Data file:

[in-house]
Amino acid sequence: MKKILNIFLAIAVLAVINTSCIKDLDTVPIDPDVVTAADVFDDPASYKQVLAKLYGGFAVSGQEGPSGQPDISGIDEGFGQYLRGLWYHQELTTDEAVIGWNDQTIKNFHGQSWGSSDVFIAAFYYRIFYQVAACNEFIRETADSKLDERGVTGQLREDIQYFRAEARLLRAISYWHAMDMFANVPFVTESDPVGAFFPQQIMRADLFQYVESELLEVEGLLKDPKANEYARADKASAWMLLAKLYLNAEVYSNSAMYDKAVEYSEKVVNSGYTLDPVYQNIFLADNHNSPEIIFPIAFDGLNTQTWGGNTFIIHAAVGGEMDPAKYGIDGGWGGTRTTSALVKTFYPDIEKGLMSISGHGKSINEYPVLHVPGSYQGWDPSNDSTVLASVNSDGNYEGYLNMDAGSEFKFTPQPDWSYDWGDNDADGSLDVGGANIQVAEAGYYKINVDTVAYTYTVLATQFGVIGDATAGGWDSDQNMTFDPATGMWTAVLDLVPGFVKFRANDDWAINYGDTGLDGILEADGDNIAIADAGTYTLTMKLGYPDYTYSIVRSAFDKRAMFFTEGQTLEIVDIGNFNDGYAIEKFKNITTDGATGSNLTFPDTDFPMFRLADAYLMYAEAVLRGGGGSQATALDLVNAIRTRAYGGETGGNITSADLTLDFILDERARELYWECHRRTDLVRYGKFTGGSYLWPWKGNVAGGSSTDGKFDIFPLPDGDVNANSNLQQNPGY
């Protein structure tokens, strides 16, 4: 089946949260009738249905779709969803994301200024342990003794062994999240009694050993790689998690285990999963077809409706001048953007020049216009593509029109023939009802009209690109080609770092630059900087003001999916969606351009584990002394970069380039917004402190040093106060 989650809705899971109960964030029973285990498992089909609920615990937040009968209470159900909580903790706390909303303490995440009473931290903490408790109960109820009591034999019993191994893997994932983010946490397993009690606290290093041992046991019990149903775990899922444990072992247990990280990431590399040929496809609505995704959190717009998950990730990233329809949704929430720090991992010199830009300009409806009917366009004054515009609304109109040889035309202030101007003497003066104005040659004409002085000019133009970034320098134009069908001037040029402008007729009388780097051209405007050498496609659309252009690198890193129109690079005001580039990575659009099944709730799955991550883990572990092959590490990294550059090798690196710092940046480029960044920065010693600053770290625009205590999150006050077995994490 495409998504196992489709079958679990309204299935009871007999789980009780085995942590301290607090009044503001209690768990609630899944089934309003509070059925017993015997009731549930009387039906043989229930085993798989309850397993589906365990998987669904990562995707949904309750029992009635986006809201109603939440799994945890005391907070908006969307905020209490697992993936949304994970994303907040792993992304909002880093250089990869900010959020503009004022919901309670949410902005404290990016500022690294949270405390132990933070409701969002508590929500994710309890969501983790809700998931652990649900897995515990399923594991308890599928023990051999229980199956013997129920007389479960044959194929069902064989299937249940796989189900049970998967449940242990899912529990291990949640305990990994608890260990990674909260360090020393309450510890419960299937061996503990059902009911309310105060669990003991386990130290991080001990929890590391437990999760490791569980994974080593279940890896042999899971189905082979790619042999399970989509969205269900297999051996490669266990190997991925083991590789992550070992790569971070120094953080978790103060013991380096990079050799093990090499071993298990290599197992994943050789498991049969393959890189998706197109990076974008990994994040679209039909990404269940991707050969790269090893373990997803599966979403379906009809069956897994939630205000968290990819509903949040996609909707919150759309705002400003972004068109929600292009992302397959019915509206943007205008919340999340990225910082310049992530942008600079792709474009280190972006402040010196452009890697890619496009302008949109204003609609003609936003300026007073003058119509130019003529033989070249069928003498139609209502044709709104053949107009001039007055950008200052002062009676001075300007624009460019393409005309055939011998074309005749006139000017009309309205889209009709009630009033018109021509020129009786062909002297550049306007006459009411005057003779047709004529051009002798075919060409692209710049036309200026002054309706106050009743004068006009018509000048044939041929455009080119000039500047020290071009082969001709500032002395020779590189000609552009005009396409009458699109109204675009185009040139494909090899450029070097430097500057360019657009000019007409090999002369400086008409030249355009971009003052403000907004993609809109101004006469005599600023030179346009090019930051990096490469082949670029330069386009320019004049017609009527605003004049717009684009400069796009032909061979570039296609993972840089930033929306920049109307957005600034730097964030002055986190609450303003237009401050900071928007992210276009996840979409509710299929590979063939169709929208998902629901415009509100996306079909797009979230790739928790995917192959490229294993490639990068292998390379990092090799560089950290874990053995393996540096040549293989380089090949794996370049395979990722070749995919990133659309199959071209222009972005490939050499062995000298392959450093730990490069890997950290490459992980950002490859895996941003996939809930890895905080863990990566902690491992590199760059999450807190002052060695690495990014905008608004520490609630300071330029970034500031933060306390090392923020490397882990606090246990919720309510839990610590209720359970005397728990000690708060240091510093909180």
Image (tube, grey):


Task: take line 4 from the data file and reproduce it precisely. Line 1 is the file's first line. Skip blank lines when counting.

Image (tube, grey):